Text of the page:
The landscape architect explains that listening well is always the first step in a sensitive, well-informed landscape design approach. He says there is a certain aptitude required to truly hearing how each client wants to live in a space, which ultimately is a reflection of how each client sees themselves in the world. Many homeowners look for their living spaces to make a statement; to be eye-catching, bold, or perhaps to reflect a desire for status or success. In this case, Lombardi’s clients looked to create a subtle, low-key retreat. “It is their statement,” he says, but in this case a refreshingly quiet one.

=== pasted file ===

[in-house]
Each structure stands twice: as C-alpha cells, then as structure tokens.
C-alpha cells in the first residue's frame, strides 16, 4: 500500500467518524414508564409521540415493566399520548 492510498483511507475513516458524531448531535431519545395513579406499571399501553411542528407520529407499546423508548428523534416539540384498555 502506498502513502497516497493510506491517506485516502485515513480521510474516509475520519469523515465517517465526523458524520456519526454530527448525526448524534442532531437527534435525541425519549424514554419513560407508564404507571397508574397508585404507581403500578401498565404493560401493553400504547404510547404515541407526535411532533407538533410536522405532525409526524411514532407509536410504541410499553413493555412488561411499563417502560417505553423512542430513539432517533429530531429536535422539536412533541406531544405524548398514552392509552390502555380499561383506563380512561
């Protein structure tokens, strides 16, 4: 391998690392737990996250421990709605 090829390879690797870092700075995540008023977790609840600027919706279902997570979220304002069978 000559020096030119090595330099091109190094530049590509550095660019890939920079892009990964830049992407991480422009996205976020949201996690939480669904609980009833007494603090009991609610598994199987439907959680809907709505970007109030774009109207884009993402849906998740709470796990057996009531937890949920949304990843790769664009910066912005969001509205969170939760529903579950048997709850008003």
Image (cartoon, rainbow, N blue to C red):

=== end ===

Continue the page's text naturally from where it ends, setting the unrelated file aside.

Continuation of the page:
The first major challenge, as is the case in many waterfront renovations, was to address the ecological sensitivity of terrain. Not only is the land a valuable coastal habitat, explains Lombardi, but it is also in a potential seasonal floodplain zone. “Both of these considerations required a well-thought solution that meshed our client’s desires with the specific constraints posed by the site,” says Lombardi, who has a masters degree in landscape architecture from Harvard.
This meant working within wetland and waterways restrictions to protect the environment and create a flexible “base plan,” allowing for inevitable adjustments that need to be made. “It’s always a much longer, much more involved process,” than people typically think, Lombardi notes.